The more I read about this, the less all of it makes sense, and the less interesting it gets.
@fjp Stalin and Hitler will eventually pass into oblivion (or, ugh, legend). Remember Napoleon? People joke about him now but he was deemed the first "anti-Christ". So give it some time and we'll have another round of brutal dictators somewhere in the Western nations.
That is a lot of words about pointless television.
@6069012@twitter This is an artifact of the Ostbahnhof outgrowing itself and in a piecemeal fashion. Most non-terminal stations in Germany are through tracks connected by an underground tunnel running perpendicular. Main terminals (like the Munich Hauptbanhof) typically have trains that pull in and pull out with a common track-level walkway along the front end of the tracks.
Ostbahnhof was/is a secondary station in Munich. As the city grew, it became a large part of long-haul service for DB to take some load off of the Hbf. They also added U- and S-bahn service at separate times, which is why it lacks the unity of unity of typical terminals in Germany.
What's maddening about Penn is that they purposefully split it into four separate non-standard stations when they built it; probably because of that turf war mentioned in the article. "If we can't have it all, then everyone will get an equal share of awful."
I've thought about Penn station with "Count of Monte Cristo"-levels of distaste and loathing for a long while.
Penn Station is horrifically confusing for those new to it and even for those who only go through it a few of times a year. Nothing is where it should logically be; there's almost no line-of-site so you can't find things without walking in circles.
This is the only major train station in the world I've visited where you can't actually see the trains and platforms. And trains never stop on regular platforms, so every single passenger is forced to stand in a giant crowd in a heavily trafficked thoroughfare and gape at an arrivals sign. And once the train is announced, typically 5 minutes before it leaves, an entire train's worth of people are forced to squeeze through doors and down stairwells 1.5-people wide. That's insanity.
An efficient train station is one where
1. even people who have never used it before can figure out where they're going (through standardization of signage and a regular, predictable layout);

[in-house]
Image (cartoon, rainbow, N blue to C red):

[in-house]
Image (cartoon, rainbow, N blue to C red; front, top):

2. they can actually see where they need to go;
3. passengers can arrive and board a train more than five minutes before the departure time.
Penn Station may shift 750,000 people each day, but that feat's not done through any kind of efficient design. It's done through the sheer will and desperation of the poor bastards unfortunate enough to have to travel through it.
@My Number Is My Address No, no, no, New York sucks now because we're all not trying hard enough!
*A nurse asked about the travel as part of a triage checklist and was told about it. "Regretfully, that information was not fully communicated throughout the full teams. As a result, the full import of that information wasn't factored into the full decision making," Texas hospital official Mark Lester said.*
Repeat after me: "It could never happen here."
Ugh, I hate the argument that we don't have to worry about Ebola because only poor people are getting it. As you intimate above, the more people it infects, the greater the possibility of mutation.
And fuck this high-horse thinking that, "Oh, only dumb, uneducated people like West Africans panic during an epidemic." Even Americans, the Saviours of the World, are capable of irrational fear in the face of mass danger.
On Uber Optics
All of the teachers I know spend dozens of hours outside of class preparing lesson plans, correcting assignments, and weeping at the state of our educational system. I doubt they want to spend their precious free time carting around assholes who are too cheap to call a professional driving service.